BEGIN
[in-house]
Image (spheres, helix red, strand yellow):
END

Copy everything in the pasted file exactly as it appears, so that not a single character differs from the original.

[in-house]
Image (spheres, helix red, strand yellow):